Market uncertainty: Finally, the CAMAC report indicated that the High Court’s decision was consistent with Legislature’s intention, in recent years, to improve investor protection and strengthen corporate disclosure. Although it would appear that the decision is a “win” for shareholders’ rights, it creates uncertainty in the market deterring lenders from lending and investors from funding corporate restructures. This results in an increase in the risk assumed by investors and an increase in the cost of capital borne by shareholders (in the form of decreased final returns on their investment in the company).

Protection against shareholder class action risk

Unsecured lenders, secured lenders and the company’s investors face shareholder class action risk when a company goes into external administration. There are several actions that can be adopted by them to minimise the risk of competition with other shareholder claims.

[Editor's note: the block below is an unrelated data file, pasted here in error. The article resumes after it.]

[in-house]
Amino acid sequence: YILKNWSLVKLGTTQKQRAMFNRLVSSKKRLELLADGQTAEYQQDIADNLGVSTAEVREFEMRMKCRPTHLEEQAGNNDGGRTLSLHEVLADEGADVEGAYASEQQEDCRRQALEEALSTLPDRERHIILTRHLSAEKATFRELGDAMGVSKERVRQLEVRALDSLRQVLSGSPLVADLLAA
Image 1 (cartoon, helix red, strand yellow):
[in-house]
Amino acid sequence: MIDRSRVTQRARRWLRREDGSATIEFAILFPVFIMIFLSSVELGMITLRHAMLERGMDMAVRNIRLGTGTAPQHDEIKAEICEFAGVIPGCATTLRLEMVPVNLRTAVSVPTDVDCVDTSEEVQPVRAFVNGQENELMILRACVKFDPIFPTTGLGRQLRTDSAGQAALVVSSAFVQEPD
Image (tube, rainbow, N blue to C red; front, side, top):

Solutions for unsecured lenders

Unsecured lenders face the problem of being ranked alongside shareholder claims so that the final dividends to unsecured creditors will be divided amongst a larger group of individuals, resulting in smaller dividends being paid.

Security: Unsecured lenders could consider taking security (though subordinate to other secured lenders) in order to elevate their claim above other shareholders if the company winds up.

Subsidiary advances: The finance to the company could be advanced to its subsidiary rather than the listed entity itself, making it more difficult for the investors to prove their claims.